This incisive book invites us to rethink culture during the development of fossil modernity. Between the creation of the steam engine during the 18th century and the global warming that haunts and conditions us today, Jaime Vindel analyses, from a new critical paradigm, the relationship between the energy transformations driven by the Industrial Revolution, the hegemonic social imaginaries and the acceleration of the eco-social crisis.
From this starting point, this essay sets itself the task of plotting a political ecology of the history of art, visual culture and cultural imaginaries of the Anthropocene, and does so beyond its explicitly ecological expressions. For this reason, the account does not deal solely in representational terms with the presence of fossil energy sources (above all, coal and oil) in the forms and institutions of art and culture, but describes how they have constituted a kind of cultural unconscious that subtly and persistently conditions the socio-political processes of the last two centuries. As with any ideological expression, the relationship between culture and fossilism is all the more effective where it is not evident.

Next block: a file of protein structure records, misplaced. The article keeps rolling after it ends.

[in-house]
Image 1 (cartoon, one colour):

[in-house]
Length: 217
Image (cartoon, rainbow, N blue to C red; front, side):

This book is charged with delving into these blind corners of our historical unconscious with the intention of contributing to imagining and embodying a post-fossilist culture.
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